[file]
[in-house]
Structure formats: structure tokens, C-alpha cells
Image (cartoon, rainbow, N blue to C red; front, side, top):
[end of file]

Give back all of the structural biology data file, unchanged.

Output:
[in-house]
Structure formats: structure tokens, C-alpha cells
Image (cartoon, rainbow, N blue to C red; front, side, top):